May 18, 2011

Band of Brothers Syndrome

Sorry I've been absent so long.  Things have been hectic, but mostly I didn't know what to write.  My mind was all over the place and so were my emotions.  Reintegration has continued to be hard at times.  There were arguments, irritation, and sometimes silence.  I was sometimes feeling bitter and hateful.  It was not a happy place to be.  I walk a fine line between what I think I should share because we are blog friends and sometimes our stories can help one another and what may be sharing too much personal and private information, so sometimes I wait to see what turns out before I share.

There may be a real name for this, but I don't know it.  I call it Band of Brothers Syndrome that my husband suffers from when deployment ends.  Band of Brothers Syndrome for us is how my Solider is so used to living with his fellow Soldiers that he has difficulty transitioning to living with his own family.  He was a great communicator and supporter for me when he was away.  In some ways we'd never felt so close and connected despite the distance.  So when he returned from this deployments, I was so surprised to realize how much he had changed.  He has become a barbarian or caveman of sorts.  While you may think this is funny or stupid, sure, there are parts that are funny, but it was seriously affecting us.

For a while I forgot about how this syndrome takes hold of Pat after a deployment.  I didn't realize why he only grunted as a response while I was trying to converse with him, belched loudly at the table without saying excuse me, passes gas (although I think that is putting it too nicely and I should really just call it farting) with no notice or apology, and seems to have a difficult time incorporating into our daily lives.  But in a more serious aspect he's not communicating.  He seems to have forgotten living with a family.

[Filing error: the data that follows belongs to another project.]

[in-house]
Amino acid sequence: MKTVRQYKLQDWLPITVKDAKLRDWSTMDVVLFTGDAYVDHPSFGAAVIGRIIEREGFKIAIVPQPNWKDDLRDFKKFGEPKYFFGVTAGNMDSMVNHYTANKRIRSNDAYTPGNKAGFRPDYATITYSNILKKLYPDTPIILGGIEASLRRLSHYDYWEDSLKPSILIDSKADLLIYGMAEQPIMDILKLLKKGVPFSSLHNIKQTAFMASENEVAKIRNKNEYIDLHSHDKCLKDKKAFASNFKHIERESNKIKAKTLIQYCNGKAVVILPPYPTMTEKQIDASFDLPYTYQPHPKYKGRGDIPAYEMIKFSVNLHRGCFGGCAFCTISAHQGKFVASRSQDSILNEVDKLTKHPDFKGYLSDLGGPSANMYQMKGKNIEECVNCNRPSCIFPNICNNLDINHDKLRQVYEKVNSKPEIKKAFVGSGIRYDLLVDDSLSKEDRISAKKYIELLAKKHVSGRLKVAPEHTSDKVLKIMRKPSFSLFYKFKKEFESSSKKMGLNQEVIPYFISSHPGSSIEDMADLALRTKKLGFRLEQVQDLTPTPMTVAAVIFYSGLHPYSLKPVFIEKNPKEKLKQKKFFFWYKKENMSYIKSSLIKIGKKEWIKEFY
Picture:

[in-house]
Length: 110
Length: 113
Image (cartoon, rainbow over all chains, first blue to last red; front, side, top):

This is because he is used to living with his Army brothers, and that brotherhood sometimes felt like all they had for almost a year.  These guys truly depended on each other to stay alive.  I guess I'm so ready and happy to have my husband home, that I sometimes fail to realize it is partly sad for him to no longer share such camaraderie with his brothers in arms.  Also after living so long with just the guys he's going to come home a bit crass.

Now that I've remembered this issue, Pat and I have been able to talk about it.  I have a better understanding of what this transition is like for him.  He's now trying to act a little more civilized and working to communicate better.  We're finally falling back into our rhythm without grinding on each other's nerves.  I guess I'm just shocked at how long it has taken us to get reintegrated from this deployment.  This third one has definitely been the hardest.  They say the deployments seem to add on top of one another for families, but in addition to that this deployment was a very difficult one that left marks us that will never go away.  I'm just relieved that the us I know is coming back, and that feels so good.

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Lisa said...

I shared parts of this with my husband, and he agreed with what you said about what the guys experience. We too struggled with feeling so close and communicating so well during the deployment and then not having that when he came home. We weren't prepared for that.

I'm so glad that you guys are communicating better now, and that you're working through some of this stuff now.

Kristen said...

Shelly - read Lt Col Dave Grossman's On Combat and/or On Killing. I have On Combat if you'd like to borrow it. He goes into great depth about the physiologicial and pyschological impact of long term combat stress. Why they come back belching and not communicating, etc. It's the best information I've ever found on it.

Anonymous said...

At least you're talking through it... that's probably the best/only thing you can do.

Jessica said...

I am so glad that your communicating and he's coming back.
Reintegration is so difficult sometimes. It took us months (seriously months) the previous deployment to get back to where we were.
Keep communicating and working through it.

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